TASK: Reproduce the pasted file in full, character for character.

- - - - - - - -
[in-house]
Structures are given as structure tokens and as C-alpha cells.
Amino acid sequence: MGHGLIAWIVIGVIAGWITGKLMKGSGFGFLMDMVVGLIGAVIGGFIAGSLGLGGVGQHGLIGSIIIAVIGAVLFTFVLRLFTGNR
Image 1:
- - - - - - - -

[in-house]
Structures are given as structure tokens and as C-alpha cells.
Amino acid sequence: MGHGLIAWIVIGVIAGWITGKLMKGSGFGFLMDMVVGLIGAVIGGFIAGSLGLGGVGQHGLIGSIIIAVIGAVLFTFVLRLFTGNR
Image 1: